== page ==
Dieticians and Nutritionists for Bariatric Patients - My Bariatric Life

by Cheryl Ann Borne Patient Advocate

Once you have had gastric bypass surgery, as I did, you will be required to make permanent lifestyle changes if you wish to have success. Primary among those changes will be how you eat. The type of food you eat and the amount of food you eat will change after gastric bypass surgery (or any weight loss surgery for that matter). Portions will be smaller, and the amount of minerals and vitamins taken in through food sources will decrease. A plan will be needed in order to get the proper amount of nutrients, and incorporating a dietician into your bariatric support network will prove worthwhile.

Changes in Eating Habits After Gastric Bypass Surgery

Gastric bypass patients must acclimate to eating frequent small healthy meals. Failure to adjust can result in poor nutrition and an inadequate intake of calories.
Weight loss surgery patients need to become habitual about taking small bites and reducing the pace at which they eat. Eating slowly helps the bariatric patient to anticipate the sensation of becoming full. Failure to eat slowly can result in vomiting.

Between eighty to one hundred ounces of water should be consumed daily. Raw or lightly cooked fresh fruita and
vegetables should be part of the bariatric diet to ensure an adequate amount of fiber and particular minerals and vitamins.

Protein intake is important for the bariatric patient, and long term protein intake varies from 55 to more than 100 grams per day. Among other things, protein burns body fat instead of muscle for a more healthy weight loss, supports your metabolism for faster weight loss, and curbs hunger.

Vitamin and mineral supplements will also be needed because gastric bypass surgery effects how the body absorbs vitamins and minerals.

The agenda for proper diet and nutrition for the bariatric client is steep, and professional guidance can be of great value.

The Bariatric Nutritionist

Bariatric nutritionists and dieticians aid bariatric physcians and health care professionals by promoting diet, exercise and behavioral modification.

Following weight loss surgery, the bariatric nutritionist is present to assure that the patient is eating as she should to help promote the best possibilities for healthy living. Bariatric nutritionists are trained to treat the specialized needs of each individual weight loss surgery patient and provide technical, nutritional, and moral support throughout the process.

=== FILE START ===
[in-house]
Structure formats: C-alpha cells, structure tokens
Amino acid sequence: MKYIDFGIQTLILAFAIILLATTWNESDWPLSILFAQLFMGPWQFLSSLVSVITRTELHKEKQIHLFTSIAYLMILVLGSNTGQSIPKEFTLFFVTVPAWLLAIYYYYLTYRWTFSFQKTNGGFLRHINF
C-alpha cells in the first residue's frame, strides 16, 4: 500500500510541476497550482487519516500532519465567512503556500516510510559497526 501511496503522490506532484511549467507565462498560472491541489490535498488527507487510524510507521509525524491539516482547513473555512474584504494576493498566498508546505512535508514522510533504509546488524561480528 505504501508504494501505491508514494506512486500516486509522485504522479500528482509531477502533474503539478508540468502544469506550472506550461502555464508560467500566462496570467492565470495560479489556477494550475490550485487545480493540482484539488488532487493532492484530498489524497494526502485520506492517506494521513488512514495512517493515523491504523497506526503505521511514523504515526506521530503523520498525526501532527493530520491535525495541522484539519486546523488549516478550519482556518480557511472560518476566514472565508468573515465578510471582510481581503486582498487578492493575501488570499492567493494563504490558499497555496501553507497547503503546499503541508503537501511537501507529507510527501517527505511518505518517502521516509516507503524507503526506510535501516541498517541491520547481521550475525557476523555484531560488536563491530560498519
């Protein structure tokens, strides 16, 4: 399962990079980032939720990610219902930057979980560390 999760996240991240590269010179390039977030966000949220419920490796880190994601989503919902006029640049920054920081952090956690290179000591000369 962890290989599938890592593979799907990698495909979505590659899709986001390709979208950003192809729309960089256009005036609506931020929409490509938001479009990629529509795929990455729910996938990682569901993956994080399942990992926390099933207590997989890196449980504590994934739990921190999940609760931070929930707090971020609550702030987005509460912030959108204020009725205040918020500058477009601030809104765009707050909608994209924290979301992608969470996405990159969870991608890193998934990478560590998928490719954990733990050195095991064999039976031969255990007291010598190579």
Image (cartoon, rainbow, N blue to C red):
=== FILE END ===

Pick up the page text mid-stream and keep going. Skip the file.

The Registered Dietician

The importance of the registered dietician as a member of the bariatric support team is gaining recognition as the procedure increases in popularity.

As reported in the April, 2010 issue of the Journal of the American Dietetic Association, pre- and post operative issues about diet require the specialized attention of a registered dietician. Registered dieticians are able to assess, regulate, and advise bariatric patients regarding the importance of proper nutrition. They are also capable of addressing the problematic areas of inappropriate eating behaviors, depression, and anxiety. Such issues can easily effect weight loss surgery patients' self-esteem and life quality, thereby undermining her efforts for successful weight management.

References
American Diabetes Association
- accessed on 4/23/12
Eat Right
- accessed 4/23/12
Medibar Diet
accessed on 4/23/12
Nutritionist-World
- accessed on 4/23/12
University of Mississippi Medical Center
- accessed on 4/23/12

Cheryl Ann Borne
Meet Our Writer
Cheryl Ann Borne

Cheryl Ann Borne, writing as My Bariatric Life, is a contributing writer and Paleo recipe developer. Cheryl is an award-winning healthcare communications professional and obesity health advocate who has overcome super obesity and it’s related diseases. She publishes the website MyBariatricLife.org, and microblogs on Facebook, Twitter, and Pinterest. Cheryl is also writing her first book and working on a second website.